Gå til hovedinnhold

Notification of order to Statoil following serious lifting incident on Heidrun

The Petroleum Safety Authority Norway (PSA) has issued Statoil Petroleum AS (Statoil) a notification of order following a serious lifting incident on Heidrun on 15 April. The incident has clear similarities with a number of serious lifting incidents in the drilling area in recent years. As a consequence, the notification of order applies to all drilling operations on fixed and mobile facilities where Statoil is the operator.


On 15 April, the PSA was notified that, during a lifting operation, a section of drill pipe weighing about 3500 kg had come loose from the lifting gear, and that the end of the pipe fell approx. 10 metres down on to the drill floor. There were three people in the area, but they were fortunately outside the fall zone.

Despite the serious character of the incident, the PSA decided not to institute its own investigation. An important reason for the decision was the difficulty in getting investigators out to the facility as a result of the shutdown in aviation traffic following the volcanic eruption over Iceland and spread of ash in Norwegian airspace.

Instead, we are following up the incident through dialogue with Statoil, which has initiated an investigation. The Kristiansund Police have also requested expert assistance from the PSA in their investigation of the incident.

Many similar incidents
The course of events on Heidrun is already sufficiently clear to ascertain obvious similarities with previous serious lifting incidents in the drilling area on facilities where Statoil has been the operator, such as on Transocean Searcher (2007), West Epsilon (2007), Heidrun (2008), Stena Don (2009) and Deepsea Atlantic (2009).

An audit has also been conducted on Oseberg Øst in 2010 targeting logistics/cranes/lifts. The report is not yet complete, but the audit reveals that Statoil's professional competence in the area of crane and lifting operations is only occasionally involved in important work processes, and then only to a very limited degree. Examples of such work processes are rig acceptance, drilling & wells and mobilisation of third-party equipment.

Both the incidents and the observations in audit activities over a number of years generally reveal weaknesses related to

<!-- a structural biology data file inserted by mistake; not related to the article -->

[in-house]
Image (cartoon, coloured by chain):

• special-purpose lifting gear in the drilling area
  • actual knowledge and use of recommended standards for safe implementation of lifting operations
  • safeguarding the operator's supervisory duty

Notification of order
Based on the serious incident on Heidrun, the history and audit observations, we have notified Statoil that the company is ordered to

  • identify all special-purpose lifting gear in the drilling area and ensure that such gear meets the regulatory requirements
  • verify and implement measures to ensure that NORSOK R-003N is implemented and practiced in the drilling areas. (Note: Statoil has used NORSOK R-003N as a basis for lifting operations in its own management system)
  • consider and decide how the company will learn from previous incidents and use experience to prevent lifting incidents in the drilling area throughout the organisation

The deadline for complying with the order is set at 15 August 2010. We must be notified when the order has been carried out.

Any comments concerning the order must be received by 18 May 2010.

About “orders” vs. “notification of order":
An order is a administrative decision made pursuant to the regulations. Before we issue an order, we usually submit a "notification of order" to the companies involved.

A notification of order is neither a measure nor a warning of sanctions, but part of our administrative process in accordance with the established rules of procedure.

The notification is just a first step before an administrative decision is made.